Tropical Storm Jose may leave the U.S. alone—but it’s too soon to know for sure
The storm's future is still uncertain.
It’s tough on the nerves to deal with one major hurricane, let alone two intense storms making landfall within a few weeks of each other. Thankfully, it’s likely that Tropical Storm Jose will turn out to sea and away from the United States—but it could pose some problems before it makes its final exit.
Tropical Storm Jose is still lingering in the southwestern Atlantic Ocean. A hurricane for most of its life, the storm briefly weakened on Thursday, but forecasters expect it to regain hurricane strength on Friday. This is the same storm that formed not far behind Hurricane Irma, when they were both way out east near Africa. Jose came uncomfortably close to the Lesser Antilles as a category four. The thought of a second catastrophic hurricane hitting the already-battered islands was almost unimaginable, but Jose skirted just to the north of Barbuda and started moving back out into open waters, sparing the islands from a kick when they were already down.
While there was initially some concern that Jose might hit the United States—and maybe even Florida—it looks like that’s unlikely. The same steering pattern that drove Irma into the southeastern United States isn’t available to Jose, so the storm has done some odd twisting and turning over the past couple of days. There are more moving parts in the atmosphere dictating Tropical Storm Jose’s motion than there were when Hurricane Irma went through the area last week.
Irma, which slammed into Florida this past Sunday as a category four hurricane, made its long, steady trek toward the United States as the result of a strong ridge of high pressure over the middle of the ocean. This high acted like a barrier, preventing the hurricane from turning north. It only made its abrupt right hook into Florida when an approaching trough weakened the ridge and allowed the hurricane to turn.
The same trough that impacted Irma continued into the Atlantic and made a mess of the steering currents in the western half of the ocean basin. Jose got trapped in the resulting hodgepodge of winds; the end result is the storm making a complete loop, somewhat similar to the loopy path taken by Hurricane Jeanne in 2004. While Jeanne continued west and hit Florida, meteorologists expect Jose to slowly curve northeast—safely away from the United States.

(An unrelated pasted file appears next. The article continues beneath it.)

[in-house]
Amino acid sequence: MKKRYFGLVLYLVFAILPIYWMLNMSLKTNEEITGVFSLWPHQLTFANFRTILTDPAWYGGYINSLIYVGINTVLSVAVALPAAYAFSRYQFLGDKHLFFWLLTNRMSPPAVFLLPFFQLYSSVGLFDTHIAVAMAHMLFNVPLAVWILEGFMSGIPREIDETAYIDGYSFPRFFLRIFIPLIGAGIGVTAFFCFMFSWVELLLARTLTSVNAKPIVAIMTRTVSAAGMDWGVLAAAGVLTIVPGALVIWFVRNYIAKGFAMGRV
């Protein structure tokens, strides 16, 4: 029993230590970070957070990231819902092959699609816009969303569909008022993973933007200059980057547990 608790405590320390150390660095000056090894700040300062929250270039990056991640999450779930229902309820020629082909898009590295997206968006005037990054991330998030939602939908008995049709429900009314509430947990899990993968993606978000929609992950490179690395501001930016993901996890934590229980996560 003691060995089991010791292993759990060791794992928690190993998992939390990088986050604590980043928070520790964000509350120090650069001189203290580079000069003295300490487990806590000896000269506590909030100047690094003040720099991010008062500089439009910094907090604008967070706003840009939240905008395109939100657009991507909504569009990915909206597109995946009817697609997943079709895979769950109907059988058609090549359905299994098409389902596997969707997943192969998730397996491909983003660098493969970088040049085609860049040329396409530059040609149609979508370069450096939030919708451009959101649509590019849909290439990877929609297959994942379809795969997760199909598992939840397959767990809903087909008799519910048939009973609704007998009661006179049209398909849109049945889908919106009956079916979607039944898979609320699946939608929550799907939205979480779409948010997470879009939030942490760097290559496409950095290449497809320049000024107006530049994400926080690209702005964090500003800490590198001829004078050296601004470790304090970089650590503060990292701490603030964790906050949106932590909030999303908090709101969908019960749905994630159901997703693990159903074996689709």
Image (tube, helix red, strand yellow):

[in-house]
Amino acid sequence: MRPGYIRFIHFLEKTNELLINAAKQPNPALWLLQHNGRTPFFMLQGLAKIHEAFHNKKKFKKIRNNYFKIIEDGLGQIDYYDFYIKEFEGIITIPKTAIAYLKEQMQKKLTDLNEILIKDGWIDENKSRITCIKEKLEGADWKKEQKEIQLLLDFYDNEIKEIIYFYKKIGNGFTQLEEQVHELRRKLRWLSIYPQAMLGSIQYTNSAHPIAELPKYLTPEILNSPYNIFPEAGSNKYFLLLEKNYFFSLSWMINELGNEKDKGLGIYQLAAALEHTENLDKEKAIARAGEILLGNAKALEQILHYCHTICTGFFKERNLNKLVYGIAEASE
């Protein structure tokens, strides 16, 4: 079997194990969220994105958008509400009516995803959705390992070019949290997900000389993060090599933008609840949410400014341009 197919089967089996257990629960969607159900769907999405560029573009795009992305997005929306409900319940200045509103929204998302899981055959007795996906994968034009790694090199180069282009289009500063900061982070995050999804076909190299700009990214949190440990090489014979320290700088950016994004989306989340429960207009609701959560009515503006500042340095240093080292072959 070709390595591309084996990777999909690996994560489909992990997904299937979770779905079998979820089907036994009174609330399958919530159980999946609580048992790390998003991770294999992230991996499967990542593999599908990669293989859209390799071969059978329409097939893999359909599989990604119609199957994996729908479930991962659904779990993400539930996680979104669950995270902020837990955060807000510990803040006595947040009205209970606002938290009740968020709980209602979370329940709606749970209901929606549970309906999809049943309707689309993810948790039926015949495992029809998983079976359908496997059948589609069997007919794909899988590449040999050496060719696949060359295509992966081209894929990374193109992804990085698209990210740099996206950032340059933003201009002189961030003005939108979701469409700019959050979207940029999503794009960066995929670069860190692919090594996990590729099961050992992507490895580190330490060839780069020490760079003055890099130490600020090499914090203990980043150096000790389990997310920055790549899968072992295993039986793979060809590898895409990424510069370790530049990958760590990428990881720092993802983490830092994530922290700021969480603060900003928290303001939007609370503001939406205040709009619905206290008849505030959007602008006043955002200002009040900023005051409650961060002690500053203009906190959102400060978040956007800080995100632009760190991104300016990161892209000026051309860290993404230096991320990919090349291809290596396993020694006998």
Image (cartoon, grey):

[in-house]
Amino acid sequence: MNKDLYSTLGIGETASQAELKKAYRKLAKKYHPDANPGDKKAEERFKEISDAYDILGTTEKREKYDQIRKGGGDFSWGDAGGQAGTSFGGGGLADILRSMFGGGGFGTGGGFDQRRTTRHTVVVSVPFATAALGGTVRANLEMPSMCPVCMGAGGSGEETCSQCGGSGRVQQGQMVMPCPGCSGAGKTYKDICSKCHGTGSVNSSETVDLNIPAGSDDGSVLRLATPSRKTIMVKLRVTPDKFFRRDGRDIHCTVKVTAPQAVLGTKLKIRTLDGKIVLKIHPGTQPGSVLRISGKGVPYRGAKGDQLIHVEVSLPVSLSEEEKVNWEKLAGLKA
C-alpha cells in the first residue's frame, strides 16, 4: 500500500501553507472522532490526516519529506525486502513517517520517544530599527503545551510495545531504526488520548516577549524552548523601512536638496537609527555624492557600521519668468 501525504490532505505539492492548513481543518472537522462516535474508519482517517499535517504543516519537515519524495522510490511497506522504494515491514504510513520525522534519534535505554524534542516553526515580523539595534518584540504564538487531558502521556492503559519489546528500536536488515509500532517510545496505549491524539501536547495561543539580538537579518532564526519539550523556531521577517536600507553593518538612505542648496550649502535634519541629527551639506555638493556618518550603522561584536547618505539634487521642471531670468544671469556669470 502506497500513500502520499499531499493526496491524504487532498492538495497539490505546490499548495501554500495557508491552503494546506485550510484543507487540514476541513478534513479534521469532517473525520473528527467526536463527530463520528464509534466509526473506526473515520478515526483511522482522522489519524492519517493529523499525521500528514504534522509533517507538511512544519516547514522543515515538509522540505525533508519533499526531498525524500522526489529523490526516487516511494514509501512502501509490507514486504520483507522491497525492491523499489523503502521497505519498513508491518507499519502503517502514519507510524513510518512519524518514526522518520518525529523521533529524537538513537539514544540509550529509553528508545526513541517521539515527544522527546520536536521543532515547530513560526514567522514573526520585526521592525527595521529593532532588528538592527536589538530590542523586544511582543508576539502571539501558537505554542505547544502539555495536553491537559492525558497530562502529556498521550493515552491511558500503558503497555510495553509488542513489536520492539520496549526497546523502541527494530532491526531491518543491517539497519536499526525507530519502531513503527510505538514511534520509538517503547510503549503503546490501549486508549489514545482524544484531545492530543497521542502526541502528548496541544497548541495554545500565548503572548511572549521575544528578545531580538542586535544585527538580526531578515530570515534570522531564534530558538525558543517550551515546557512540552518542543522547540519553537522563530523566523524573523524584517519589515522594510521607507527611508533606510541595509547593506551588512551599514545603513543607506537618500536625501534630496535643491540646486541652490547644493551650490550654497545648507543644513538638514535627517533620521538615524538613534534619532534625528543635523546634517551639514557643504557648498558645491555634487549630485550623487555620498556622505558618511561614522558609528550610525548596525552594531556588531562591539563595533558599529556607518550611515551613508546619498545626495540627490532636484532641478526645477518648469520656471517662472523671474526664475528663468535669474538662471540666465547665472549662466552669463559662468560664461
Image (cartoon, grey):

There is still a chance that the storm could affect Bermuda or Atlantic Canada within the next week. And we’re not completely out of the woods here in the United States, either. Regardless of the storm’s ultimate path, high waves and rip currents are a serious threat along the East Coast as Jose moves by. Rip currents are silent killers. Many beachgoers don’t realize there is one until it starts pulling them away from the shore. Pay heed to rip current warnings from local officials, and watch the ocean for signs of danger. Some clues to keep an eye out for: channels of choppy water, lines of foam or debris moving away from the beach, a break in the incoming wave pattern, and changes in water color beyond the surf (see photos here).
While it’s not likely, there’s always an outside chance that some unexpected change could bring Jose closer to land, allowing it to pose a more direct threat to East Coast residents. It’s the peak of the hurricane season, after all, so it’s wise to keep an eye on forecasts at least once a day in the coming weeks.